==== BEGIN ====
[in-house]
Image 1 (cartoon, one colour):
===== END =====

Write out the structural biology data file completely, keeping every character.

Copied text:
[in-house]
Image 1 (cartoon, one colour):